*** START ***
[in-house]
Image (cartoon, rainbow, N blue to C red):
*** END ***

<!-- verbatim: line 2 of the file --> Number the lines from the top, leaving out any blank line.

Image (cartoon, rainbow, N blue to C red):